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Eco-Wellbeing „What would our lives be like if our days and nights were as immersed in nature as they are in technology?” (Louv, 2012:2)

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Presentation on theme: "Eco-Wellbeing „What would our lives be like if our days and nights were as immersed in nature as they are in technology?” (Louv, 2012:2)"— Presentation transcript:

1 Eco-Wellbeing „What would our lives be like if our days and nights were as immersed in nature as they are in technology?” (Louv, 2012:2)

2 Nature in English Poetry To see a world in a grain of sand, And a heaven in a wild flower, Hold infinity in the palm of your hand, And eternity in an hour. (Blake) When the Present has latched its postern behind my tremulous stay, And the May month flaps its glad green leaves like wings, Delicate-filmed as new-spun silk, will the neighbours say, 'He was a man who used to notice such things'? (Hardy) I wandered lonely as a cloud That floats on high o'er vales and hills, When all at once I saw a crowd, A host, of golden daffodils; Beside the lake, beneath the trees, Fluttering and dancing in the breeze. (Wordsworth)

3 Seven Dimensions of Wellness  Social Wellness: is the process of creating and maintaining healthy relationships through the choices we make.This also refers to our ability to relate well to others, both within and outside of the family unit.  Physical Wellness: signifies the process of making choices to create flexible, cardiovascularly fit, energetic, and strong bodies The choices we make are related to exercise, nutrition, rest and sleep, intentional and responsible sexual choices, stress management, management of injuries and illness, and the responsible use of alcohol and other drugs.  Emotional Wellness: is the ability to understand your own feelings, accept your limitations, and achieve emotional stability.  Intellectual Wellness: is the process of using our minds to create a greater understanding and appreciation of the universe and ourselves. Intellectual wellness is not dependent on intelligence or ability; rather it requires making connections, appreciating natural connections, examining one's opinions and judgements, and questioning authority.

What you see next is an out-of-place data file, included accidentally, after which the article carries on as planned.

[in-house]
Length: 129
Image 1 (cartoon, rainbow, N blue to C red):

4 Seven Dimensions of Wellness Continued….  Spiritual Wellness: is the process of discovering meaning and purpose in life, and demonstrating values through behaviours. Spiritual wellness includes acceptance of the concepts of wholeness, unity, diversity, individual uniqueness, and the need for community as well as personal responsibility to oneself and that community.  Occupational Wellness: is the process of making and maintaining choices related to work which include choosing a job for which you are well suited, well-trained, and from which you gain satisfaction. It includes staying current in one's chosen field, helping to create a healthy organizational environment which contributes to your own and others' well-being. Career wellness also requires balancing work with the rest of your life.  Environmental Wellness: is the process of making choices which will contribute to sustaining or improving the quality of life in the universe. This dimension includes responsible choices regarding the use of air, water, land, and energy so that future generations of each species may survive and thrive. The recognition of interdependence of humans, other animals, plants and all of nature is a central tenet of environmental wellness. (http://www.accd.edu/sac/wellness/wellpage.htm)http://www.accd.edu/sac/wellness/wellpage.htm